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Who is a true expert? reflections from a millennial mom

Updated: May 30

Like most millennial women, I spend a lot of time interacting with different media platforms. My personal go-to's are Instagram and Spotify podcasts, and I haven’t been able to let go of my Facebook just yet. These things honestly add a lot to my daily life!

My husband and I are serving on the mission field in Berlin, Germany with our two young kids in tow, so social media helps me stay connected to friends and family who otherwise feel (and are) very far away. Most of the recipes I use to cook dinner for my family come from Instagram reels, and podcasts keep me company while I am at the gym or walking to the grocery store. I think these platforms are awesome, and I’m genuinely grateful to live in a time where they exist! 

However (you knew it was coming), I am often overwhelmed by the amount of people in these spaces who have positioned themselves as experts in every topic under the sun. Cooking, home-organizing, business, parenthood, fitness, spiritual enlightenment—if you want an “expert” opinion on something, all you have to do is scroll and let the algorithms do their thing. And it gets even more overwhelming, and confusing, when adjacent posts are spouting completely contradictory advice. One influencer will share passionately about how horrible animal protein is for your body, and the very next video is another person preaching the importance of eating red, raw meat. One Insta-mom shares the perfect morning routine for optimizing her children’s performance in school and other activities throughout the day, and the mom right below her makes a passionate plea to not put any structure or boundaries into a child’s day so they can be “free range” (all real examples). There is a podcast for any topic and point of view you can imagine, and they are all really convincing…but what is actually true?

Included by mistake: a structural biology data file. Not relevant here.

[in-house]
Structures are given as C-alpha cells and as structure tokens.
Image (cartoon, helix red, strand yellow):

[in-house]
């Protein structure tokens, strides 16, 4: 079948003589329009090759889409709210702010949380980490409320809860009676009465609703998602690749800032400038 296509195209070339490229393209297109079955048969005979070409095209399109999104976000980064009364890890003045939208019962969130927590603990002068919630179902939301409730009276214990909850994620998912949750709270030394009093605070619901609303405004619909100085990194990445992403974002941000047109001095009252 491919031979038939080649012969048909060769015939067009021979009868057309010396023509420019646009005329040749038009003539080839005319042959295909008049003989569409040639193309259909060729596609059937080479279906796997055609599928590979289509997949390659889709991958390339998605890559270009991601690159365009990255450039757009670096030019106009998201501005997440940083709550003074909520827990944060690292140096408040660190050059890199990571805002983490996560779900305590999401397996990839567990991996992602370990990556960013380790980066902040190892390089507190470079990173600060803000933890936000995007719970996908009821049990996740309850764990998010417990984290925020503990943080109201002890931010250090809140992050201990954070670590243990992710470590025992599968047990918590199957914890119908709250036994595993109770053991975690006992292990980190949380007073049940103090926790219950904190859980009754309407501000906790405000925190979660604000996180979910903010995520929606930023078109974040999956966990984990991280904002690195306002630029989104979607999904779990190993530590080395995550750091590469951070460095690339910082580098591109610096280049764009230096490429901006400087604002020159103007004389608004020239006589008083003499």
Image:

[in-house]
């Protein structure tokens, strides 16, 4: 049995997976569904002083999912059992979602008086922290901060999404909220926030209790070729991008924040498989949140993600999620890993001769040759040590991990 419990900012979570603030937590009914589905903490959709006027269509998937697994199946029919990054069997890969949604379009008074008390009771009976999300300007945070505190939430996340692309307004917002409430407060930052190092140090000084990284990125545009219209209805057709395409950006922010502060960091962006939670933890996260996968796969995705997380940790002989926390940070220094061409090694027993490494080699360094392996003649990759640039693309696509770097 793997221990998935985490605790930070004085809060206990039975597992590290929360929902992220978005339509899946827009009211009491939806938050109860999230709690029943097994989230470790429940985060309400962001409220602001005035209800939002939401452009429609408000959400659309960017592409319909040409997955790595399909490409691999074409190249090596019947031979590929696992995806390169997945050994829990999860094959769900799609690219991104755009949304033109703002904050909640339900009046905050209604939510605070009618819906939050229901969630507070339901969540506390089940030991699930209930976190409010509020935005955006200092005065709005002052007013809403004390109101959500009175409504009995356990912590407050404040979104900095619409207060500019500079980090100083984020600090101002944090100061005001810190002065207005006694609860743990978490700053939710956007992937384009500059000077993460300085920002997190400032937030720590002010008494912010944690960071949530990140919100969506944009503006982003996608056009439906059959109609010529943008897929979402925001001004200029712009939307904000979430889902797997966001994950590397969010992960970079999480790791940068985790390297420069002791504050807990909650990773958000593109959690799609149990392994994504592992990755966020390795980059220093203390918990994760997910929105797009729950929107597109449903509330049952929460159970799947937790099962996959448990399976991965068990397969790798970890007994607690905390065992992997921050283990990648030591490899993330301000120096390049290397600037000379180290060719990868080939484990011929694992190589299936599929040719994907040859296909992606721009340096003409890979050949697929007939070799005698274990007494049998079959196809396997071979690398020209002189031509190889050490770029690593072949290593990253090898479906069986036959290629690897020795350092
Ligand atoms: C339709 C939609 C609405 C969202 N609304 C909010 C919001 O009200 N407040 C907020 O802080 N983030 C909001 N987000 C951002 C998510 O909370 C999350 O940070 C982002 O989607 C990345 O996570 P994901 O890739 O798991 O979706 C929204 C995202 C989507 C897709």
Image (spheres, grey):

trust scripture for everything?

As a young mom, a minister, and an expat living far away from the familiar, I seek a LOT of advice and guidance. But I have found myself being overly-influenced by the “experts” on my phone, which has often led to insecurity, confusion, and left me feeling even less equipped than I was when I set out for help in the first place. I know I am not alone in this! But what do we do about it? If you’re a faithful disciple, the cliche answer is “Trust the Bible!” But how do we actually apply this? 

It seems like Timothy was asking some of these questions to Paul as he was being trained as a young church leader in Ephesus. Timothy was probably hearing a lot of contradictory messages from the people and culture around him, and most of Paul’s second letter to him is an encouragement to stand firm in the faith, to rely on the true expert: our creator. In 2 Timothy 3:12-17, it says:

“In fact, everyone who wants to live a godly life in Christ Jesus will be persecuted, while evildoers and imposters will go from bad to worse, deceiving and being deceived. But as for you, continue in what you have learned and become convinced of, because you know those from whom you learned it, and how from infancy you have known the Holy Scriptures, which are able to make you wise for salvation through faith in Christ Jesus. All Scripture is God-breathed and is useful for teaching, rebuking, correcting and training in righteousness, so that the servant of God may be thoroughly equipped for every good work.” 

The question modern Christians need to ask themselves is this: do we really believe that the Bible can equip us for everything? Or have we relegated the Bible to be just one of the resources we use, and only when it pertains to obviously spiritual things? 

College students: does the Bible inform you on how to be a hard-working student with integrity? Or is TikTok your source for what a real college experience should look like?